I've been meaning to make some sort of comment on the two posts by David Nishimura at Cronaca (If Art Is Meant to Provoke... and ...But What about Stockholm?) on May 16, an invective against certain types of controversial modern art:
Most surprising is critics' inability to see that not everyone accepts the contemporary art world's self-serving rules, where "art" is a special sphere in which artists get to say and do whatever they want without fear of contradiction or consequences, and the masses are expected to understand as best they can, grateful for the edification. Art's job is to provoke and discomfit? Looking back through history, that sure leaves a lot of art that didn't do its job.David's bugbear is Italian artist Maurizio Cattelan and his sculptural installations that realistically depict bodies of adults or children hanging from trees (he would probably have a similar negative reaction to this outrageous sculpture erected in and subsequently removed from a public square in Salzburg, after protests related to its vulgarity, which I wrote about here back on August 14, 2003). About this time of year, I am mentally exhausted from having spent several weeks trying to convince my students why they should care enough to learn something about modern art. It's difficult enough with Picasso, Matisse, and Duchamp, but it only gets worse by the time I am lecturing on Judy Chicago or Damien Hirst. Needless to say, I could not show a slide of or even mention something like the Salzburg sculpture.
By way of a response to David's remarks (with which I find myself alternately agreeing and disagreeing), I offer this translation of an article (Trop trash l'art contemporain? [Contemporary art too trashy?], May 17) by Annick Colonna-Césari in L'Express, which offers views from two experts, pro and con (with links I have added):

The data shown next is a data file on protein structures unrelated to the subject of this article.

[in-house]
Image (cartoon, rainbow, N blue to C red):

Depiction of mutilated bodies, fascination with death, sordid dramatization of daily life... Certain directions followed by contemporary artists shock critics and viewers. Provocation disguised as nonexistent artistic alibi or revealing evidence of a civilization that has come unmoored?If you want to be further outraged or you just like to wallow in the grotesque excesses of modern art, check out Art Crimes. Just remember that you were warned.
IN FAVOR [i.e., Yes, contemporary art is too trashy]
Jean Clair, Director of the Musée Picasso (Paris)
"A cynical aesthetic, without a moral compass"
For thousands of years, art had a civilizing mission: to instruct the spirit and delight the senses. Contemporary art, on the other hand, sees its triumph in the impure (immonde), meaning according to etymology (immundus) vileness, trashiness. It's all good: nudity, mutilation, fascination with blood, fluids, even excrement. Robert Gober uses beeswax and human hairs, Andres Serrano uses blood and sperm. As for David Nebreda, he covers his face with his own excrement and takes photos of it, which he sells as artworks. One could certainly say that the search for the sublime in the horrible has a long history in art generally (for example, Rembrandt's Woman Pissing [image of that and many other interesting examples in this issue of Chimères]) and in modern art, in particular, in the work of [Salvador] Dalí [for example, Young Virgin Autosodomized by Her Own Chastity, from 1954] or [Hans] Bellmer, for example. However, today we go to the next level. There is a distinction between the act of representing these things, no matter how disgusting, through a work that can be seen as admirable, and simply committing the act itself without any elaboration. Georges Bataille imagined bloody ceremonies but they remained a fantasy, which was not the case with the Vienna Actionists. In the 1960s, they appeared in public actions, such as self-flagellation or flagellation of others, drinking urine and blood, eating excrement, celebrating Black Masses with animal sacrifices while in religious habits, taking part in orgies that involved minors.